This picture shows the feet of a baby at a Paris hospital, July 22, 2013. Getty Images

In a milestone for the U.S., a woman who was born without a uterus gave birth to a healthy baby Baylor University Medical Center in Dallas. The birth was a pre-planned Caesarean section

The news was confirmed by the hospital’s spokesman Craig Civale on Friday who did not give out any others details, citing privacy.

The new mother received the womb from Taylor Siler, mother-of-two nurse who lived near the hospital, reports said.

“I have family members who struggled to have babies, and it's not fair. I just think that if we can give more people that option, that's an awesome thing,” Siler was quoted as saying by Time.

Uterine transplant is “a surgical procedure whereby a healthy uterus is transplanted into an organism of which the uterus is absent or diseased.”

According to U.S. National Institutes of Health's National Library of Medicine, “Uterine factor infertility is estimated to affect thousands of women worldwide and can be caused by either congenital Müllerian malformations such as in the Mayer–Rokitansky–Küster–Hauser (MRKH) syndrome, or more commonly acquired as in the cases of women suffering from Asherman’s syndrome, pregnancy interfering myomas, or hysterectomies.”

The study also stated that “ Uterus transplantation is a complex procedure and is surrounded by not only medical and psychological implications but also ethical, moral, and cultural concerns and expectations. A transplantation of a uterus, unlike any other organ transplantation, involves no less than four parties – recipient, donor, partner of the recipient, and the possible future child. All of them are exposed to potential risks if the surgery has to be performed. ”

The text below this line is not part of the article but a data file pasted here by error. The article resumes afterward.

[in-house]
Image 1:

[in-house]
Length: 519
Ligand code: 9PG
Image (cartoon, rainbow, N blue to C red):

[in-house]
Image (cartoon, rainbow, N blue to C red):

Uterus transplant is, however, not restricted to living or deceased organ donor.

Dr. Robert T. Gunby Jr., the obstetrician and gynecologist (ob-gyn) who delivered the baby said: “I’ve delivered a lot of babies, but this one was special. When I started my career we didn’t even have sonograms. Now we are putting in uteruses from someone else and getting a baby.”

Dr. Liza Johannesson, an ob-gyn and uterus transplant surgeon at Baylor said: “We’ve been preparing for this moment for a very long time. I think everyone had tears in their eyes when the baby came out. I did for sure.”

This is, however, not the first case in the world. Mats Brannstrom, a doctor in Sweden is the first one in the world to deliver a baby from uterus transplant. Until last year, Brannstrom is said to have delivered five such babies. Worldwide, there have been 16 cases of uterus transplants till date.